Quite honestly I couldn't agree more. I believe if honest introspection (and just plain being objective about your wins/losses in general) and desire to improve were more common the average ability of chess players in general would be the equivalent of many hundreds of points higher.
Too often you see as in this thread "Why should I" and everywhere else you see "look at my amazing win! (please neglect the errors and critical moments on both sides)"
Maybe you've heard this one but it's something I have found useful. "If you're unsure of what to do relocate your worst piece to a better square." Also, should you be stuck you can switch gears and think about making moves that prevent your opponent from improving his pieces. Many games have been won by those fanatically focused on this aspect. Another idea I like is from Jeremy Silman who says to conjure up a "fantasy position" of the ideal squares for your pieces, then figure out how to get them there. You could do this with just one piece for starters, do a fantasy position of where you'd like a certain piece to be. Or a fantasy position of where you'd like your opponents piece/pieces to be, then look for a way to get them there. It's also useful to think about what pieces do you want on the board versus off the board. That's something I thought more about after listening to Josh Waitzkin. ( I forgot to mention listening to Josh go over his own games on Chessmaster is a religious experience.)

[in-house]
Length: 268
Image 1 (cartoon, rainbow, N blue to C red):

Gather a bunch of games where you lost now ask yourself why did I lose or what phase of the game do I keep seeing a pattern of uncomfortable positions. If you haven't been losing at all do the same with your drawn games. If you've just been winning a lot play higher opposition and let them test your skills and jsut keep repeating.
Something I should have included in the initial post is that if you don't have enough energy to tackle your biggest weakness but you could target a smaller one that is good too, so long as you keep the ball rolling. Once you stop working on yourself you stagnate (with the exception of proper recovery time.)